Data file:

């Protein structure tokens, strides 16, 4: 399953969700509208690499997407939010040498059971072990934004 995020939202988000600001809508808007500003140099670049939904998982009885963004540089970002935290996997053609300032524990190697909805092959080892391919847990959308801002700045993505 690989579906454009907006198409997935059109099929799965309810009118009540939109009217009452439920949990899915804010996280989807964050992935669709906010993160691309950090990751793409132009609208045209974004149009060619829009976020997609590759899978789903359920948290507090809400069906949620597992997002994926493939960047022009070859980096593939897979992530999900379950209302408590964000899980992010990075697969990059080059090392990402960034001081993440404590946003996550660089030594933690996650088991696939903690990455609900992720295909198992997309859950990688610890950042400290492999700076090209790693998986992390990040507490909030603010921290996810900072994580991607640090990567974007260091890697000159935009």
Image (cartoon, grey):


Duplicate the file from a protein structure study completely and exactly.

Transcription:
């Protein structure tokens, strides 16, 4: 399953969700509208690499997407939010040498059971072990934004 995020939202988000600001809508808007500003140099670049939904998982009885963004540089970002935290996997053609300032524990190697909805092959080892391919847990959308801002700045993505 690989579906454009907006198409997935059109099929799965309810009118009540939109009217009452439920949990899915804010996280989807964050992935669709906010993160691309950090990751793409132009609208045209974004149009060619829009976020997609590759899978789903359920948290507090809400069906949620597992997002994926493939960047022009070859980096593939897979992530999900379950209302408590964000899980992010990075697969990059080059090392990402960034001081993440404590946003996550660089030594933690996650088991696939903690990455609900992720295909198992997309859950990688610890950042400290492999700076090209790693998986992390990040507490909030603010921290996810900072994580991607640090990567974007260091890697000159935009």
Image (cartoon, grey):